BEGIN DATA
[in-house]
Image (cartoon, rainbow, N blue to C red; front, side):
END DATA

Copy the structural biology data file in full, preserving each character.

[in-house]
Image (cartoon, rainbow, N blue to C red; front, side):